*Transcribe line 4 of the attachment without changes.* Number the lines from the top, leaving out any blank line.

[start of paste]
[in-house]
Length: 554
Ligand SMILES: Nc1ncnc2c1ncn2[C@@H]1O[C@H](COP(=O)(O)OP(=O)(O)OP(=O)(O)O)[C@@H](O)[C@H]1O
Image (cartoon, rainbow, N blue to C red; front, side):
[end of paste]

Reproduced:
Image (cartoon, rainbow, N blue to C red; front, side):